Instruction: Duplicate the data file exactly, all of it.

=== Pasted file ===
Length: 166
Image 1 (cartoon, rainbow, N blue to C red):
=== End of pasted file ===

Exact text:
Length: 166
Image 1 (cartoon, rainbow, N blue to C red):